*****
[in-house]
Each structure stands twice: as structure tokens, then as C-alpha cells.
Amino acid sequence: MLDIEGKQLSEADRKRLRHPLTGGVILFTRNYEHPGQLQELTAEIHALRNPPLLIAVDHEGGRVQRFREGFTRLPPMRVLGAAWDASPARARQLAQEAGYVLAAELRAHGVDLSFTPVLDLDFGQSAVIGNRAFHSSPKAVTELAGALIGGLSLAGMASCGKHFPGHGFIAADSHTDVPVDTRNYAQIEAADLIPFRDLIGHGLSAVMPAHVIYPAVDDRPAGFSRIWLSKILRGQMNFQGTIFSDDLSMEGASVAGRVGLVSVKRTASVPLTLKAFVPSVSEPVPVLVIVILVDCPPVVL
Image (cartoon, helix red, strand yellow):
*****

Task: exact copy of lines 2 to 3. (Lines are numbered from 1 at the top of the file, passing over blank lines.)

Each structure stands twice: as structure tokens, then as C-alpha cells.
Amino acid sequence: MLDIEGKQLSEADRKRLRHPLTGGVILFTRNYEHPGQLQELTAEIHALRNPPLLIAVDHEGGRVQRFREGFTRLPPMRVLGAAWDASPARARQLAQEAGYVLAAELRAHGVDLSFTPVLDLDFGQSAVIGNRAFHSSPKAVTELAGALIGGLSLAGMASCGKHFPGHGFIAADSHTDVPVDTRNYAQIEAADLIPFRDLIGHGLSAVMPAHVIYPAVDDRPAGFSRIWLSKILRGQMNFQGTIFSDDLSMEGASVAGRVGLVSVKRTASVPLTLKAFVPSVSEPVPVLVIVILVDCPPVVL